Highly motivated and ambitious are distinguishing characteristics of our MBA candidates. Throughout March we're finding out more about the women on our MBA to discover what makes them tick. Our second blog of the 2020 series shines light on Georgia Pawson, an Executive MBA participant already inspiring and empowering the next generation of STEM students.
What makes Georgia a stand-out MBA candidate?
Skilled problem-solver, strategic thinker, and devoted STEM ambassador, Georgia Pawson balances her time working as a technical consultant alongside volunteering, supporting the Nuclear Institute Young Generation Network as Vice-Chair, and studying part-time at WBS London, The Shard. Since completing her Master’s degree in Nuclear Decommissioning and Waste Management, the risk and safety nuclear energy expert has supported decommissioning projects as a safety consultant and now offers her expertise to operating stations, solving generating power stations puzzles in a rounded, smarter way. Alongside her day job, Georgia promotes science, technology, engineering and mathematics subjects to inspire and engage school children, as well as assessing the British Science Association’s CREST awards and acting as a mentor to students. We spoke to Georgia to find out more.
What led you to pursue the Executive MBA at WBS?
I am always looking for the next challenge, to push outside my comfort zone and to further my career. Doing an MBA has been an ambition of mine for a while; I wanted to give myself the best possible grounding across business in order to take those next steps and continue to push myself, learn and empower others. I am an inquisitive person and being able to take my learning and apply it straight away into work and my volunteering was also very appealing.
What is your proudest achievement?
Every day I try to reflect after work and find something in the day which I was proud of. These achievements have varied in size, however two recent big ones stand out: leading and delivering the most successful two day company conference alongside my client work and continuing to be held in high regard in my embedded role following adverse challenges which I had limited control over. On a larger scale, each day I am proud to undertake work which enables the UK to produce low carbon base load energy from UK nuclear power stations. In my volunteering I have run global events to inspire individuals to work and stay in the nuclear industry, as well as encourage school children to take an interest in STEM. Supporting the next generation, and women in particular, is hugely important, especially in nuclear; and I am extremely proud to play a part in this.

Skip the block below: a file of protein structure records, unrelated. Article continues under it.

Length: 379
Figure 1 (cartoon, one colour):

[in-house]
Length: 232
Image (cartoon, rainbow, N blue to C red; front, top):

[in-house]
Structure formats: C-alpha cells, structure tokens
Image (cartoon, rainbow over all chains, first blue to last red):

How have you found studying at WBS so far?
I was apprehensive at the start as you never know entirely what to expect from each module, and I haven’t been in a classroom for a while, but so far I have really enjoyed the learning and the experience as a whole. It’s inspiring to be in a room with amazing individuals and to participate in forward thinking conversation. That said, the studying is not without its sacrifices and time is required to get to grips with some areas of business which may not come as naturally to me as others. You never know what to expect each time you step into the room, but that to me is a draw.
How have you found the balance between working and studying?
The balance is constantly moving; some weeks you think you’ve got it and other weeks curve balls are chucked at you and you just about manage to stay afloat. A friend said to me that you can only have three of the following at any time: study, work, sleep and socialising. That was the best advice I was given, do not try to have all four as it is not practicable. It is also an incredibly rewarding process which pushes you in all different directions beyond any preconceptions, and the support from the cohort and business school powers you on.
What aspects of the course have you enjoyed so far?
I get the most from learning and sharing business examples to put what is being studied that day into reality. Organisational Behaviour has been a highlight of the course so far; I like the the tangibility of it not just being played out at work but all around you every day. Having a career in science draws me to anything evidence-based, which Organisational Behaviour certainly was. I have recently been pleasantly surprised with the Accounting and Finance module and have enjoyed the assignment. Finally, I am looking forward to modules which will push me out of my comfort zone, as well as electives which I have recently selected.
What advice would you give to students embarking on the MBA?
You have put all the hard work in to get a place – enjoy the experience and maximise the opportunities which you are given. The structure is there to help you, along with your peers. You have got to this position because you want to do it, use that strength to carry you through the journey.
Find out more about the Executive MBA.